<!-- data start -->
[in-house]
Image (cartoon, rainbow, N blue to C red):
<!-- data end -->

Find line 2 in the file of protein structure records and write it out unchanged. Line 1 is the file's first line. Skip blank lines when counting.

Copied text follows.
Image (cartoon, rainbow, N blue to C red):